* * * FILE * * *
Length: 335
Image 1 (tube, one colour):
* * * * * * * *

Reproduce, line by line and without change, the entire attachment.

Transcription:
Length: 335
Image 1 (tube, one colour):